Domain-Driven Design (DDD) is an approach to software development that emphasizes the importance of understanding the business domain and incorporating that understanding into the software design. DDD provides guidelines and patterns to help developers create well-structured, maintainable, and scalable software.
The main difference of DDD compared to other approaches, is grouping features vertically base on Domain.
- Features related to User domain will be put under User folders, like Create/Edit/View/Delete Users (Table Users), Transaction history of Users (Table Transactions), Leave off of Users (Table Holidays).etc. Which means, 1 Domain could handle queries/commands from many tables, related to that Domain.
- Features related to Organization domain will be put under Organization folders, like Create/Edit/View/Delete organization's information, organization's employees, finance of organization...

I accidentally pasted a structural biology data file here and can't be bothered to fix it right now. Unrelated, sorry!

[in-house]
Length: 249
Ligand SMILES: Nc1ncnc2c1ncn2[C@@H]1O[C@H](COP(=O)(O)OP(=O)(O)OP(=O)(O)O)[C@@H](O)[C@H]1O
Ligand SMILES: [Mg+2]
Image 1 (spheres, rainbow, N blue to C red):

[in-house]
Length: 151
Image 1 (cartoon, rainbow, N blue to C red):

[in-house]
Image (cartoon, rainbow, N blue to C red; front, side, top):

This approach may lead to duplicate code as they may query from the same DB source. Duplication queries/command in DDD is acceptable within a certain threshold, so the team must discuss and determine that feature belong to which Domain before implementation.
Infrastructure layer is where we implement the rest. For example: batch excuter, SQL query/command to DB, and Controller to receive API request/response.
This is a basic example, and in a real-world scenario, you would likely have more complex business logic, validation, and error handling. Additionally, you might use an ORM (Object-Relational Mapper) like Entity Framework for data access.
Note: The actual implementation might vary based on your specific requirements and the technologies you are using.